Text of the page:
20 Apr 2017

Mud banks scoured for signs of missing fisherman

2:51 pm on 20 April 2017

Searchers are scouring Manukau Harbour's mud banks from the air, as they try to find a man still missing after his eight-year-old daughter was pulled from the water last night.

Manukau Harbour

The 52-year-old man and his eight-year-old daughter were fishing in the Manukau Harbour but got into trouble yesterday afternoon. Photo: RNZ / Jessie Chiang

The pair went out fishing yesterday afternoon, but their 12-foot aluminium runabout was spotted adrift with nobody inside it about 4.30pm, sparking an air, sea and land search into the evening.

Coastguard spokesperson Georgie Smith said conditions yesterday were a bit choppy but not dangerous.

The coastguard got involved shortly after 5pm and found the girl just before 7.30pm, she said.

"She was cold and shaken but otherwise okay. Papakura Rescue One then met up with the hovercraft from Auckland Airport, who transported her to a waiting ambulance."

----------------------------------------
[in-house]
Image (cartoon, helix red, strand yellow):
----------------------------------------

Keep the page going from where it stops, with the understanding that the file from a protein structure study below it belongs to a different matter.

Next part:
The Pahurehure inlet in the Manukau Harbour, as seen from the Weymouth boating club.

The Pahurehure Inlet in the Manukau Harbour, as seen from the Weymouth Boat Club Photo: RNZ / Jessie Chiang

Ms Smith said the girl had been separated from her 52-year-old father for about an hour by the time she was found.

The girl was taken to Middlemore Hospital to be assessed and was discharged this morning.

Police said it was still unclear what went wrong and they could not confirm if the pair were wearing life jackets.

The coastguard said the low tide had exposed extensive mud banks, and the police eagle helicopter and a coastguard plane were being used to search them.

The aluminium runabout would be recovered today.

A waka ama paddler said weather conditions in the harbour could be tough for those who did not know the area well.

TK Ngataki, who has been paddling in the Pahurehure Inlet nearly every day for the past four years, said good weather conditions could be deceiving.

He said he wanted to paddle out to Auckland Airport this morning but had to turn back, despite it being sunny, because the tides and the westerly wind were making the waves too choppy.